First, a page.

Jane Badler is the definition of cool. A seasoned actress with undeniable prowess, she’s brought strong female characters to the screen long before it was buzzworthy. Trained at Northwestern University, she cut her teeth as a young actress on the TV soap opera “One Life to Live” (1968), where she played Melinda Cramer Janssen until 1981, returning briefly to reprise the role in 1983. However, it wasn’t until she landed the role as Diana, the evil reptilian Visitor leader Diana in the NBC mini-series “V” (1983) and its sequel “V: The Final Battle” (1984) that she became a driving force in a pop culture phenomenon. The sci-fi franchise took the world by storm and launched her to superstardom as she was quickly one of the most recognizable faces in television. Her journey would ultimately take her away from the glitz and glamour of Hollywood to forge a new life in Australia with her loving husband and two spirited sons. Where one chapter ends, another begins. Fortunately for us Jane Badler is focused on the future and the best is yet to come! Jason Price of Icon Vs. Icon recently caught up with this force of nature for a revealing interview to discuss her unique career path, passion for the arts and, most importantly, everything she has in store for her fans in the realms of both acting and music!
You built an eclectic career for yourself. How did you get involved with the arts?
Like a lot of people in the arts, I started very young. I was always drawn to it. I was drawn to dance and music. I played the flute, the guitar and I sang, in addition to being in theater. For me, I think it was a fantastic way to express myself! I grew up in the ‘60s and things were a little bit different then! My parents were divorced, and it was a slightly dysfunctional home, so through acting and all of the things I did, I had a sense of purpose and self-esteem. I was able to create other worlds, which was a wonderful thing for me as a young person!
Who had a big impact on you?
You know, when I was young, I loved Elizabeth Taylor. I thought she was incredible! She was so beautiful and glamorous, and I do love glamour, I have to say! I also really love Barbra Streisand. I sang all of her songs and I thought she was an amazing singer. I also loved that she looked so different and was a big star. These were my tastes as a young person. I also loved James Taylor, the Beatles and Carole King. I sang all of their songs too! Those were a lot of my influences musically. It’s a funny thing, people ask, “Who are your influences?” I think the best answer is anyone who does what they do at a very high level. That always inspires me! It doesn’t even have to be someone who is known! I can go to the theater and see a miraculous play, I’m in awe of the director and I have to go and speak with him! I think I’m just inspired by great work and people who do things slightly different and slightly left-of-center. Then, I try to find my own way in all of it and have my own voice!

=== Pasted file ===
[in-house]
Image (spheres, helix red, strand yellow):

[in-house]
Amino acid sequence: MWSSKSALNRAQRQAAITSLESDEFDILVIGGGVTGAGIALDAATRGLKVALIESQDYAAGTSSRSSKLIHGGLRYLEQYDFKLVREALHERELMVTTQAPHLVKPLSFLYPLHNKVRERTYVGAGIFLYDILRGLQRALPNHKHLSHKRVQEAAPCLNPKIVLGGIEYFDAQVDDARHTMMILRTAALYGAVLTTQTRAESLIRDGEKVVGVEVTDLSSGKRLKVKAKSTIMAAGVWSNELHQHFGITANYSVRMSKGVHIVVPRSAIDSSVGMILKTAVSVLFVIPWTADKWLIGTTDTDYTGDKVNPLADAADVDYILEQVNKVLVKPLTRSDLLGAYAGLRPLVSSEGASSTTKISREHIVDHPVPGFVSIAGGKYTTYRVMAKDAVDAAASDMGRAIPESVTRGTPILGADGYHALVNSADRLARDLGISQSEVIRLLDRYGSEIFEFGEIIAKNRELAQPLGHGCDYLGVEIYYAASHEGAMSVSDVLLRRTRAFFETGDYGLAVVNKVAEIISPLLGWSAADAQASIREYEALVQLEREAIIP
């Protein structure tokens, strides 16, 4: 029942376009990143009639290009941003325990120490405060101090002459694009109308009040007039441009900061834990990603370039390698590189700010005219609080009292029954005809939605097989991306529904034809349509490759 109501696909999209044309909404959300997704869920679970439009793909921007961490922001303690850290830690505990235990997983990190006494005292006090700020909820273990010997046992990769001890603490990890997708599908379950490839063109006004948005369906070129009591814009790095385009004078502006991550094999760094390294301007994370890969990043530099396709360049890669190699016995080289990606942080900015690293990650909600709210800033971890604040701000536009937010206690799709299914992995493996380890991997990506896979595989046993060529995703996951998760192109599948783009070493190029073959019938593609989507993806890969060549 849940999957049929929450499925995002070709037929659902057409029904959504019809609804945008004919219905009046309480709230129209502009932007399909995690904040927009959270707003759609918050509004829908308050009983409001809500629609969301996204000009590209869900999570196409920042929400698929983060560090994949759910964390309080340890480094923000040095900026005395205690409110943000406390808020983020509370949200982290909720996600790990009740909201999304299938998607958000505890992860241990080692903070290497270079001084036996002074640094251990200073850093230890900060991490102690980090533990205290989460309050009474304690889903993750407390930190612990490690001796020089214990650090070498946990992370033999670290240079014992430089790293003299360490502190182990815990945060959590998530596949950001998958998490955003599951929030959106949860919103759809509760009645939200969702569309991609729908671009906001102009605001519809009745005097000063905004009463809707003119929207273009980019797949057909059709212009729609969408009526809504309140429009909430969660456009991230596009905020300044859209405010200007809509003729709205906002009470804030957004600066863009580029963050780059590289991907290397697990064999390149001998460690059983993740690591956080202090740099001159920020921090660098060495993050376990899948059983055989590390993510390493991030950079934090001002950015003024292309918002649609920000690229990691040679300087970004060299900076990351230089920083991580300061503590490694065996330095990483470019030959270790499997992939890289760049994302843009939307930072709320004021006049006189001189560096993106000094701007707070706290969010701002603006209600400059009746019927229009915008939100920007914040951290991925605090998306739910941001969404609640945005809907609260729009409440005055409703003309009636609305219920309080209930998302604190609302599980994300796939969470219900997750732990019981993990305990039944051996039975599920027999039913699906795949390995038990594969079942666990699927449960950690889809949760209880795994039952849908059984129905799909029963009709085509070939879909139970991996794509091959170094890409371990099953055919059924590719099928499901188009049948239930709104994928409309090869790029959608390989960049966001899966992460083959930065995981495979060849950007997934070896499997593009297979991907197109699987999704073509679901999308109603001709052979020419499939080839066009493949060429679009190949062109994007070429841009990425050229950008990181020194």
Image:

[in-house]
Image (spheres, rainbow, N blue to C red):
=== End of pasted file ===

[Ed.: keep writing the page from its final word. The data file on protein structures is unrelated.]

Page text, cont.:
You made a name for yourself early on as an actor. What drew you to the craft professionally and did you have reservations about taking the plunge?
Yeah, I think I did. My mother was a little nervous for me. It wasn’t that she didn’t believe in me. However, even though I had been accepted into one of the great theater universities, Northwestern, which is very difficult, she wanted me to do a double major. She just wanted me to have something to fall back on, you know. To me, that’s a funny concept because when you say, “something to fall back on,” there is already a part of your brain that starts getting doubt. You might start thinking, “Maybe I’m not good enough.” She felt like I always needed something to fall back on and that is what I did. I studied drama and when I graduated, my mom was in New Hampshire, and I said, “I’m going to New York!” She was so frightened for me! She just said, “Really?” I was 21 at the time. I didn’t know anyone in New York, I didn’t have an agent and I didn’t have a lot of money. I think she was very frightened for me, but I just had this determination because that’s what it takes, ya know!
Well, it certainly worked out in the long-run!
[laughs] Yeah! In those days you could go around and knock on the doors of agents, which is what I did! I don’t think you can do that now. I don’t think anyone would open the door for you if you did that now! [laughs] But then you could, and I got an agent! I did lots and lots of commercials and I got my first soap opera when I hadn’t even been there a year! I was really lucky!
You cut your teeth as a young actor on the soap opera “One Life To Live.” From what I heard, that’s a different animal compared to other types of shows. What did you take away from your time there?
Soap operas are very unique! They are very, very fast paced and you do a show a day. That’s an hour show a day, which is crazy! You have rehearsal, you block it, you do a run and then you tape it. It’s very high pressure and sometimes you have to learn 30 pages in a day. What an incredible learning experience for a young actress! You get very quick! There are good things and bad things about that. Because you have to work so quickly, you don’t have time to delve very deeply and you have to be a master at coming up with emotions. As you know, on soap operas, you’re either crying or angry. It’s extreme emotion! In a way, I think you learn how to master those emotions very quickly, learn lines quickly and come up with the goods quickly. That’s very positive for any young actor!
Building on that, when did you come into your own as an actor?
I love your questions! I think it was a different time then. That was the day of the soap opera — nighttime and daytime. We had everything from “Dynasty” to “Falcon Crest.” The acting style was very different in the ‘80s. If you look at the style, people tended to overact a little bit more. The more mumbling, naturalist acting came a little bit later. Although I had studied, I don’t feel I really came into my own until I moved to Australia, which sounds very strange. Even though I am very proud of “V” and “Mission: Impossible,” I’m even more proud of a lot of the theater I have done here and the depth that I now bring to roles as a mature person.
You mentioned your role on “V.” That is an awesome piece of your resume. The show was one of the biggest phenomena of the ‘80s. How did you get involved with the project and did you know it would skyrocket the way it did?